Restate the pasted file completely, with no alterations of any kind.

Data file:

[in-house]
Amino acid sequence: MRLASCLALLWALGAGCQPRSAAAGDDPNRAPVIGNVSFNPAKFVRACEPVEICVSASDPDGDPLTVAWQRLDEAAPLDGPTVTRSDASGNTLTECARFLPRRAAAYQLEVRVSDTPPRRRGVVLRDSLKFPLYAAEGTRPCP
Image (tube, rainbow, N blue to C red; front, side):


[in-house]
Amino acid sequence: MRLASCLALLWALGAGCQPRSAAAGDDPNRAPVIGNVSFNPAKFVRACEPVEICVSASDPDGDPLTVAWQRLDEAAPLDGPTVTRSDASGNTLTECARFLPRRAAAYQLEVRVSDTPPRRRGVVLRDSLKFPLYAAEGTRPCP
Image (tube, rainbow, N blue to C red; front, side):